Chinese Firms' Debt-Servicing Firepower Slumps to 2015 Low
(Bloomberg) -- Chinese companies’ debt-servicing firepower has slumped to a three-year low even as authorities move to support their financing, showcasing the difficulty of getting stimulus through to the real economy.
Listed nonfinancial companies had cash and equivalents to cover only 81 percent of debt due in the coming year, the worst since 2015 -- when China was battling hard-landing fears -- data compiled by Bloomberg show. Materials, utilities and energy sectors are particularly vulnerable as their cash levels were at about half of short-term obligations.
Businesses are having a tough year raising funds and boosting profits, thanks to the lingering effects of a crackdown on shadow financing and a slowdown in economic growth as trade tensions with the U.S. rise. In July, China moved to boost domestic demand and infrastructure spending, building on previous efforts to sustain lending to smaller firms. Even so, analysts question whether it’s enough to halt a record run of defaults.
“A worsening cash-to-debt ratio is mainly a result of China’s efforts to cut leverage,” said Shi Min, credit investment director from Beijing Lerui Asset Management Co. “It’s unclear whether the recent easing measures will result in more money flowing to less creditworthy companies in the private sector.”
There have been over 40 billion yuan ($5.8 billion) in local-bond defaults this year, an unprecedented tally. Many companies have had to tap internal cash to repay debt. That’s depleted their cash reserves, making it harder for them to repay upcoming borrowing if credit markets remain tight.
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Even after the targeted steps China unveiled in July, defaults have yet to slow. Coal miner Wintime Energy Co. failed to roll over a local bond that month, triggering delinquency on its other notes and making it the biggest defaulter in China this year. Firms such as oil trader CEFC Shanghai International Group Ltd. and Dandong Port Group Co. reneged on payments in August.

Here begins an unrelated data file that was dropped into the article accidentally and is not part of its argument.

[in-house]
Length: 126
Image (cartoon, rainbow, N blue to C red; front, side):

“We see a divergence in refinancing ability currently, and investors -- spooked by defaults earlier this year -- still favor stronger credits,” said Tan Chang, an analyst at China Chengxin International Credit Rating Co. “The ones that are exposed to a high debt burden and negative media coverage will face pressure on refinancing.”
Shanghai-listed HNA Innovation Co. hasn’t repaid 300 million yuan in trust loans that were due on Monday because of a liquidity squeeze. Some of its assets in the eastern province of Zhejiang were frozen, which affected the refinancing, the unit of HNA Group Co. said Thursday.
It’s not all doom and gloom, as there are some signs in recent months of a rising appetite for local notes. Net bond issuance was positive in June through August, bouncing back from a negative figure in May. Property developers are among the few sectors benefiting from the trend and saw their debt servicing ability improve; their cash to short term debt ratio rose to 113 percent at the end of June, up 13 percentage points from December.
Still, caution remains. Zou Weina, who manages one of the top performing bond funds in China this year, has been slashing risk and avoiding lower-rated notes. She believes the easing measures aren’t likely to meaningfully help weaker firms, she said in an interview in August.
“China’s economic stimulus has raised expectations of a rebound in the real economy,” said Li Qilin, the chief macroeconomic researcher at Lianxun Securities Co. “But credit risks will remain high because financial-market regulations are still tight.”
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